This week’s Top Ten Tuesday subject from The Broke and the Bookish is a Summer Reads Freebie, encouraging bloggers to make a list of favourite summer/beach reads. I am twisting this a little, from beach reads to beaches in reads. Unsurprisingly, since regular readers will know that my blog is all about the writer Mary Stewart (1916-2014), by beaches in reads I mean beaches in Mary Stewart novels. I am limiting this post to five beaches.
1. Camasunary Bay, Scotland: Let’s start by joining Gianetta on Skye in Wildfire at Midnight, for a look at a remote and majestic beach. She is heading by boat to stay at the (fictional) Camasunary Hotel on real-life Camasunary Bay. The boat moves
across the shining sea-loch towards the distant bay of Camasunary.
Nothing could have been more peaceful. The sea-loch itself was one huge bay, an inlet of the Atlantic, cradled in the crescent of the mountains. The fishing-village of Elgol, backed by its own heather hills, was within one tip of the crescent; from the other soared sheer from the sea a jagged wall of mountains, purple against the sunset sky.
2. Marseille, France: In March I explored some of the locations in Mary Stewart’s first novel, Madam, Will You Talk?, including Avignon, Nimes, and Marseille, leading to this post on Marseille. Charity drives there:
Before me the road sank in an interminable and gentle hill towards the enormous untidy sprawl of Marseilles, set on the edge of the loveliest shore in the world.
The shore here is likely to be warmer and sunnier than the shore of Camasunary Bay! And there are vibrantly busy beaches within the city boundaries, like this one:
3. Moila, Scotland: In the novel Stormy Petrel, Rose holidays on the fictional island of Moila in the Scottish Hebrides, described as reached by ferry after Mull but before Coll and Tiree. This beach may not exist in real life but it sounds amazing:
There was the long, gentle curve of milk-white sand, backed by a sea of turquoise and pale jade and indigo. There were the far cliffs, violet-shadowed as any classical landscape. And for the four miles of the flat coastline, between the white beach and the green slope of the moor, stretched the wild-flower meadow that in Gaelic is the machair.
Here is a Tiree beach, to give us a general idea of beaches in this area.
4. The sea, Agios Georgios hotel, on the southern coast of Crete: this is the setting for The Moon-Spinners, with the action of the novel split between mountainside and coast.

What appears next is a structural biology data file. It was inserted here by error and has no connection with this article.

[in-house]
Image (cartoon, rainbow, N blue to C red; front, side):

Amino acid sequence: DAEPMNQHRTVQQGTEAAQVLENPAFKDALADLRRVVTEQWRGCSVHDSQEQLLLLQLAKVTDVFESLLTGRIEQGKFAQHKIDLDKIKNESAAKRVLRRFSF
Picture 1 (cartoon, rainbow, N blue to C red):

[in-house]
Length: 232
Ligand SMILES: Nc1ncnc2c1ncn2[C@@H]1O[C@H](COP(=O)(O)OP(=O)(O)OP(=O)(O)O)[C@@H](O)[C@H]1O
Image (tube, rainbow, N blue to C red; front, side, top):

In the distance, above their gold-rimmed bases, the cliffs towered, charcoal-black. Below them, the sea lay in indigo shadow, warmed, where the sun still touched it, to a deep shimmering violet. The flat rocks near the hotel, lying full in the lingering light, were the colour of anemones. The ice-daisies had shut, and the mats of leaves that covered the rocks looked dark, like seaweed. The wind had changed with evening, and a light breeze blew off-shore, ruffling the water.
5. The bay at the Forli estate, Corfu: In This Rough Magic, this unnamed bay is about 12 miles north of Corfu Town, and its beach forms part of an estate that Lucy’s sister has married into.
The bay was small and sheltered, a sickle of pure white sand holding back the aquamarine sea, and held in its turn by the towering backdrop of cliff and pine and golden-green trees.
Here is a photo of a Corfu beach which indicates how our little bay might look:
I have saved the best for last here because this bay and beach features something very special: there is a dolphin which is in some ways an important character in the book.
suddenly, not far from my rock, the sea burst apart as if it had been shelled, and the dolphin shot upwards on a deep slant that took him out of the water in a yard-high leap, and down again with a slap of the tail as loud as a cannon-shot. He tore by like a torpedo, to fetch up all standing twenty yards out from my rock, and fix me once again with that bright, humorous eye.
I hope that you have enjoyed these beaches in Mary Stewart novels – do you have a favourite literary beach? Please let me know.